Climate

Historic Environmental Disaster To Cost Mining Company Billions

CREDIT: AP Photo/Felipe Dana

An electricity worker attempts to cross a flooded area in Barra Longa after two dams at an iron ore mine broke in Brazil in November releasing a toxic mudslide that killed more than a dozen people and created the country's largest environmental catastrophe. Mining giant BHP Billiton agreed to pay more than $1.5 billion this week over the accident.

Some four months after the collapse of an iron ore dam caused the largest environmental disaster in Brazilian history, the mining companies involved agreed Wednesday to pay billions of dollars in the coming years to alleviate the devastated region.

“This agreement is an important step in supporting the long-term recovery of the affected communities and the environment,” said Andrew Mackenzie, chief executive officer of BHP Billiton, in a statement. The Anglo-Australian mining giant is joint shareholder of two local companies involved in the pay-out.

Some $1.1 billion will be distributed in the next three years through a foundation that will create programs to restore the environment and indemnify local communities, said BHP. Some $4 billion more will be provided in the next 15 year.

Last November, dams collapsed in the town of Bento Rodrigues, southeast of Brazil, prompting a massive mudslide. The disaster leveled the town, affected two states, killed at least 17 people, destroyed hundreds of homes, left some 250,000 without water, and polluted the Doce River and water reservoirs with at least 15 billion gallons of toxic mine waste.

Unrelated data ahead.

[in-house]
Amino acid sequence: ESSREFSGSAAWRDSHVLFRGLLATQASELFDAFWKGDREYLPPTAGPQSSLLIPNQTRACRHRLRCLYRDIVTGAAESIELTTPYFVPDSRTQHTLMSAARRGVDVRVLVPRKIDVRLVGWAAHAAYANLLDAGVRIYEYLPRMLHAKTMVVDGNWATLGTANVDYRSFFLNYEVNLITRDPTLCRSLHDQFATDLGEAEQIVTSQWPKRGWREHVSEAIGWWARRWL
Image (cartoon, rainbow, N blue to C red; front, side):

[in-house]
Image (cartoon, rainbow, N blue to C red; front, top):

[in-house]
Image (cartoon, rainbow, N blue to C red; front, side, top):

Analysts have blamed the collapse on poor practices by Samarco, the company in charge of the dam, and lax regulatory enforcement in Brazil’s mining sector, according to published reports.

The Rio Doce valley in Minas Gerais has a long history of mining and is considered to be part of the so-called mining triangle of Brazil. The state is also the country’s foremost producer of coffee and dairy products. For its part, the affected state of Espírito Santo — downstream of the Doce River — is known for its beaches and natural reserves that house endangered species.

Brazilian newspapers reported Wednesday that the Doce River and the beaches of the Atlantic Ocean where the river ends are still struggling with the aftermath. Aside from killing wildlife, the sludge — which included heavy metals like arsenic — destroyed the livelihoods of thousands of people and native communities.

In this Nov. 21, 2015 photo, a fisherman holds a fish over a net in a temporary pool built to protect some of the creatures that inhabit the Doce River from polluted waters, in Colatina, Brazil.

In this Nov. 21, 2015 photo, a fisherman holds a fish over a net in a temporary pool built to protect some of the creatures that inhabit the Doce River from polluted waters, in Colatina, Brazil.

CREDIT: AP Photo/Leo Correa

“Our life was the river, because 80 percent of people here live off it,” said local fisherman Adroaldo Gonçales Filho to El Pais last year. “I just know how to fish … they’ve killed our river.”

The agreement with the the Federal Attorney General of Brazil, Espirito Santo, and Minas Gerais has yet to be approved by the courts, but if that transpires the deal will run for 15 years and it can be renewed for another year until all obligations are fulfilled.

Rural communities in South America have long been affected by environmental catastrophes generated by excessive logging, as well as the extraction of oil and minerals. What’s more, mines and oil wells are often located in the wild, far from populated areas, and away from government regulators that may be lax to begin with. This means that regulations are less likely to prevent accidents, and once those accidents are detected, clean-up efforts are difficult and expensive.